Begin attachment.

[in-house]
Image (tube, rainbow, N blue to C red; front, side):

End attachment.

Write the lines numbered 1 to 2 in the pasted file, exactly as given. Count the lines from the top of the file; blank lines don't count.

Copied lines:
[in-house]
Image (tube, rainbow, N blue to C red; front, side):